Ed and I were honored to have the opportunity to speak with Dan Ariely, James B. Duke Professor of Psychology & Behavioral Economics at Duke University, and New York Times best-selling author of four books.
Dan has had a major influence on the thinking of both of us in economic matters, especially in the areas of pricing, decision making, and choice architecture.
We asked Dan
- Burning Man, which he tries to attend every year. He explains it’s a “gift economy,” not a barter economy.
- Whether or not he was comfortable with the term “behavioral economics,” given that Austrian economist Ludwig von Mises argued that animals behave, but humans act (with a purpose or objective in mind), and they also learn. Dan uses the term “Judgment and Decision Making (JDM) in his first book, Predictably Irrational.
- David Friedman says economists assume rationality because it’s useful and can predict human behavior about 50% of the time. Dan disputes the 50% figure, and explains why we need to explain failure points and mistakes in human decision making.
- The “placebo effect” (Latin for “I shall please”). The term originally explained 14th century sham mourners. People get a larger placebo effect when the price of a pill was communicated to be higher than average.
- Do the questions on the hospital in-take forms influence a patient’s ability to get well quicker?
- The Economist subscription example Dan uses in his book and TED talk, with two and three choices, respectively. Is the “decoy” (or “dominated”) option manipulative?
- Does Dan believe in the Subjective Theory of Value? He does say that value will never be perfectly objective, but we can do better at measuring it than we do now.
- The backwards bicycle video. Dan hadn’t seen it, but discusses the power of habits and how hard they are to change.
- In The Upside of Irrationality, Dan writes about the concept of “Hedonic adaption”: we humans adapt far more quickly than we think.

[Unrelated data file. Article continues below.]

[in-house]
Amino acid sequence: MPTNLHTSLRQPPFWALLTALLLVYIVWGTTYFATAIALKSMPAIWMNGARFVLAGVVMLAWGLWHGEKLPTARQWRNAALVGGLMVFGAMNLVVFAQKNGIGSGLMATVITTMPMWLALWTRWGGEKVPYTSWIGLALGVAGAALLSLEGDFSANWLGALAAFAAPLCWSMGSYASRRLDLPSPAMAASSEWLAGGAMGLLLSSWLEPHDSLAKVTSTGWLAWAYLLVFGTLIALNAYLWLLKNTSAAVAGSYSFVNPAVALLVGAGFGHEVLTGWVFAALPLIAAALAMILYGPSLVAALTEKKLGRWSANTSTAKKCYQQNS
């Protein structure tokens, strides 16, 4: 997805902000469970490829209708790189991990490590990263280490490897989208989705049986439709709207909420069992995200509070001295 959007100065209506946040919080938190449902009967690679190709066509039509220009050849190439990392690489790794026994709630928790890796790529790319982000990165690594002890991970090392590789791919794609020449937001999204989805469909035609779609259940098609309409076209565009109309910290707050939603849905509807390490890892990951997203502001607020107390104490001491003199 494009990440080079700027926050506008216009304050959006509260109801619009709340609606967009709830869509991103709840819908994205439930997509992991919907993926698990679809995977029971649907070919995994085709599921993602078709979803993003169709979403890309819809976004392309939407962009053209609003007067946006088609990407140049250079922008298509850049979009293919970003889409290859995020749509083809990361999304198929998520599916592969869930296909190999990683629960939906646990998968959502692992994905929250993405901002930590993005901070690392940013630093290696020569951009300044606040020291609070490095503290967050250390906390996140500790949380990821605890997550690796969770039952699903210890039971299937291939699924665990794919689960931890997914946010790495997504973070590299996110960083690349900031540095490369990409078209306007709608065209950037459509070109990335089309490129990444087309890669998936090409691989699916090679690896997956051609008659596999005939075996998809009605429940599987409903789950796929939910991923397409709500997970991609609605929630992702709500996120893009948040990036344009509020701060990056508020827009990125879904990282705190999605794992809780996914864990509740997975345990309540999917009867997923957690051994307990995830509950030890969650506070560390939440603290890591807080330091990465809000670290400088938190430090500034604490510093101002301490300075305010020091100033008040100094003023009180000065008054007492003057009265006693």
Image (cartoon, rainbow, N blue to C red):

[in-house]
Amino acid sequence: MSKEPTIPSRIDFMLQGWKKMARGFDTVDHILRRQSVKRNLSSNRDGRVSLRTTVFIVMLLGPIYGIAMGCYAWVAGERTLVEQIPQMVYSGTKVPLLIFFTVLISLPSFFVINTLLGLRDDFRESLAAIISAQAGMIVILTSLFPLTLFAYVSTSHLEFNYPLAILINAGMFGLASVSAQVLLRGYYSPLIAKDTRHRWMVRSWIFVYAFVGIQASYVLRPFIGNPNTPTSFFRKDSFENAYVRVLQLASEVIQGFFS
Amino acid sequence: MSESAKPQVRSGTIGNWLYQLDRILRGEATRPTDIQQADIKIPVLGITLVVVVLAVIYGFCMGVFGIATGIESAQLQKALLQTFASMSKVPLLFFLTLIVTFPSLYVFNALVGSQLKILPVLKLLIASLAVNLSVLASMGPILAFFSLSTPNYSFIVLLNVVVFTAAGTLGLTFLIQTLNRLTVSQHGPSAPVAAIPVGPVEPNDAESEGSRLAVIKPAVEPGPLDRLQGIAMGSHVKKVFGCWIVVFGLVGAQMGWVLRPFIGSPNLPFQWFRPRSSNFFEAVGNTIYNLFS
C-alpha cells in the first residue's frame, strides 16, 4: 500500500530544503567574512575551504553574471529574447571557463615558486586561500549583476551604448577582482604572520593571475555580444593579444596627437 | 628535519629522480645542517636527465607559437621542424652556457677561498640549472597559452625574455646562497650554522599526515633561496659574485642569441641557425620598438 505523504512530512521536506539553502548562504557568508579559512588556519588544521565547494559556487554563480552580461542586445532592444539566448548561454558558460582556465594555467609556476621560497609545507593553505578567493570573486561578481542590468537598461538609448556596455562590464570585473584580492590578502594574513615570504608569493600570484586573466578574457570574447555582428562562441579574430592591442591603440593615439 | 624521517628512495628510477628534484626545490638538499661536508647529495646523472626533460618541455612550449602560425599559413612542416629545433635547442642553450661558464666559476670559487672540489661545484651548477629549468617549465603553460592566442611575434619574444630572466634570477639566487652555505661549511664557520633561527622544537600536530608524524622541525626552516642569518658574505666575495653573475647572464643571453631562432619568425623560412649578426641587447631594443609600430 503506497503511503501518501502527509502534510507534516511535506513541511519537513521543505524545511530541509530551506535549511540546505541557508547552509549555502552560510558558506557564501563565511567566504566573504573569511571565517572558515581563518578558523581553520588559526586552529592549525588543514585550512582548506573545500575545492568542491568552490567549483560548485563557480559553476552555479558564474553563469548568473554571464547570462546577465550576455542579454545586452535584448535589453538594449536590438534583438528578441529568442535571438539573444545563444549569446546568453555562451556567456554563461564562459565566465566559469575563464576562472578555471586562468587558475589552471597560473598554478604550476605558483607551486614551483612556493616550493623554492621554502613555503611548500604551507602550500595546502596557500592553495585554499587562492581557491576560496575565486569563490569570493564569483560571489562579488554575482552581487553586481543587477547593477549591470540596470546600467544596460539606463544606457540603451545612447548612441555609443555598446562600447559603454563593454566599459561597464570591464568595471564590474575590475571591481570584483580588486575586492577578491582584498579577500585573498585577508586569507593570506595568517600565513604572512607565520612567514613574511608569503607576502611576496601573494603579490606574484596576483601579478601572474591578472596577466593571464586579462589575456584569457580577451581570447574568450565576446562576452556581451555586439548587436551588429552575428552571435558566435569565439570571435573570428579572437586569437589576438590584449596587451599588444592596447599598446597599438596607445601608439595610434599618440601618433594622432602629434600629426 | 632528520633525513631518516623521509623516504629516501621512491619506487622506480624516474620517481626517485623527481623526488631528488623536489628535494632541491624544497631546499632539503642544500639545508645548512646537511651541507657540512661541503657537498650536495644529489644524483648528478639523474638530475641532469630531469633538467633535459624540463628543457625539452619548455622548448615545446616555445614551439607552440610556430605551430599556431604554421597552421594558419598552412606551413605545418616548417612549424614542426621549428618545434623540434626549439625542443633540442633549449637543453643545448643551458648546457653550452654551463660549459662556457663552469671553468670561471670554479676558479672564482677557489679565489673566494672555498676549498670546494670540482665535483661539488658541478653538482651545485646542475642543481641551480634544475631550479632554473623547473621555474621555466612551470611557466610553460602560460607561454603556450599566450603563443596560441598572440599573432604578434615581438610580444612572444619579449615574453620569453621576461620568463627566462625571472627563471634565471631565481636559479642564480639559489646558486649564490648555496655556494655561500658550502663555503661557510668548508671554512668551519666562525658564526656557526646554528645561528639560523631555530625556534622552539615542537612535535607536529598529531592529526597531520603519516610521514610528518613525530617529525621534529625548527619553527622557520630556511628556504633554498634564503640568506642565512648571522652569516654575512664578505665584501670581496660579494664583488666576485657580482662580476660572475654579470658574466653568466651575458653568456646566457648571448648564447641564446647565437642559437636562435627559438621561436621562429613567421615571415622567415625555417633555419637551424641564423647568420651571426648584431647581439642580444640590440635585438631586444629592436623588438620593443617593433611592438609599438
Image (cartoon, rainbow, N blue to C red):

- He also wrote in that book that “the market for single people is the most egregious market failure in Western society.” How has Internet dating has influenced this failure? Dan explains since it’s based on searchable and quantifiable aspects of people (height, income, etc.) it may not be very predictable of compatibility, like trying to understand how a cookie will taste by reading the ingredients. Humans are not algorithms.
- Now that you’ve studied all of this irrationality, are you more rational? He focuses on habits, traps, and tries to establish rules (e.g., no eating bread).
- In The Honest Truth About Dishonesty Dan explains “the fudge factor”: people’s ability to cheat, up to a point where they can still feel good about their own sense of integrity. He discussed how signing your tax return first would reduce cheating, and gave empirical evidence of how this worked with odometer mileage declarations for auto insurance (people declared 15% more miles when signing the form first).
- His latest book, due out May 19th, Irrationally Yours, based on his popular Wall Street Journal advice column, and a new movie on dishonesty coming out May 22.
We highly recommend all of Dan’s books, blog, advice column and research.